The wolf itself is finished and requires no more work, so it’s all about rendering the background to the same high standard. I feel much more positive about it now, I’ve got a title in mind, and it’s suggested to me another range of possibilities. Onwards.
It’s been a year this week since my sister Sally died. This drawing I made depicts her at the age she was when I was born. I see a lot of my daughter in her, especially her eyes, which seem to imply a wisdom beyond her years and shadowy presentiments of disappointment that life couldn’t somehow offer more than it does. We had been estranged for many years, but the news of her death still came as a shock, and I suppose the best way to measure its effect is by how little artwork I’ve managed to complete in the 12 months since. When all is well, my burn rate in terms of artistic production is thermonuclear, but throughout 2019 my desire to make anything was a feeble candle flame, fluttering in the dark. The conviction that it’s even worth the bother is a hard one to maintain, especially when the realities of job and family and everything that comes with it, cast your inner Blake into exile. As a way of preserving some sense of purpose, I’ve found myself turning to the words of writers I admire, especially Nick Cave who, in recent years, and after everything he’s been through, has become a wounded but wise magus of the sentence, and in his Red Hand Files has been creating a body of writing that echoes Rilke’s Letters To A Young Poet. Example:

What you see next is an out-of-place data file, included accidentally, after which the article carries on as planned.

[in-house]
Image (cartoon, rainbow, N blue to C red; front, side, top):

Do I believe in signs? Well, I prefer to say that I have made, for reasons of survival, a commitment to the uncertain nature of the world. This is where my heart lies. I suspect it always has. And I am joined in this enterprise by a legion of fellow grievers, many of us deranged by loss, and embarrassed by our sentimental inclinations. We tread gently around each other’s irrationalities because we know they are the fragile foundations of our vacillating sanity. You may hear some people say that feelings are not facts, but this is untrue. Feelings, to some, are facts. Sometimes these intuitions hold more truth than the rational world can ever hope to offer – when we are faced with a world that has long since stopped making sense and, indeed, lost its reason.